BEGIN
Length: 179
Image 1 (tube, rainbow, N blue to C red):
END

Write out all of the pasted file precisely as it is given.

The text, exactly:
Length: 179
Image 1 (tube, rainbow, N blue to C red):